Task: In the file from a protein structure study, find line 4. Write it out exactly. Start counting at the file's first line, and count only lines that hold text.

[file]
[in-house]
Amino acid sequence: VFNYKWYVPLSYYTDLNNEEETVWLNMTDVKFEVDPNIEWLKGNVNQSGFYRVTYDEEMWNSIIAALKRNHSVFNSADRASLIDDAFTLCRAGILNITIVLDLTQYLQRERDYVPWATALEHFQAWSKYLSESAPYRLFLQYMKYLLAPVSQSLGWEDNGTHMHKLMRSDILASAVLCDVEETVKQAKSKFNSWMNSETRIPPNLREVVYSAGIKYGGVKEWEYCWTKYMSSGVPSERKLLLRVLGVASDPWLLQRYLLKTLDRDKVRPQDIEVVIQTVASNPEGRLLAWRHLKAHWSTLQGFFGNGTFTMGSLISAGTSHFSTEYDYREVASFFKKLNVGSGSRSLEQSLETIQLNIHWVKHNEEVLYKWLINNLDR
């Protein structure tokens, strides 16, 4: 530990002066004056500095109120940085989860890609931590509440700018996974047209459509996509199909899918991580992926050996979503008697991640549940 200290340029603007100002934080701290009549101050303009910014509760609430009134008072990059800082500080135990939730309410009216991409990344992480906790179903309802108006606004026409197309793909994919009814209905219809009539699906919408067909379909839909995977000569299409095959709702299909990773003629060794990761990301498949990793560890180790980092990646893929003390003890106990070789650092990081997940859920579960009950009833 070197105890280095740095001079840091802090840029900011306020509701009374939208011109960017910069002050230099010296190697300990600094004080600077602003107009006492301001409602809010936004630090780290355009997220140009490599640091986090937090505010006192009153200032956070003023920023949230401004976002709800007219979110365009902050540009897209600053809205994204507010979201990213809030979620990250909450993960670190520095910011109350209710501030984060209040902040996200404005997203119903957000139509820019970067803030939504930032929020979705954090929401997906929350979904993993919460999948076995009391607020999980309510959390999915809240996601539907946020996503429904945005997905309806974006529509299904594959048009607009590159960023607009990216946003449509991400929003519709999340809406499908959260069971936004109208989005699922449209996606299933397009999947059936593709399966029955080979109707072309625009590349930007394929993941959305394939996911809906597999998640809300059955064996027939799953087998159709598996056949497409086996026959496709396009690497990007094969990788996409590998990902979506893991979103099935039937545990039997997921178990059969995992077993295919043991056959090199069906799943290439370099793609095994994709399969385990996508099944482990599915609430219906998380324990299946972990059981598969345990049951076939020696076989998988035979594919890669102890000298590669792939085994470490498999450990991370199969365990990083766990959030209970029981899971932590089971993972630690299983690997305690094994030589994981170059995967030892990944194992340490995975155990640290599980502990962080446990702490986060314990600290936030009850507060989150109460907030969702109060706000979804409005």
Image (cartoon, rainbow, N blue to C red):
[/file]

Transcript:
Image (cartoon, rainbow, N blue to C red):